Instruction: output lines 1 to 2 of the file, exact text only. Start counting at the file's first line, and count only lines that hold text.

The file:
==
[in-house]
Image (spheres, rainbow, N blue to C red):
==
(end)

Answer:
[in-house]
Image (spheres, rainbow, N blue to C red):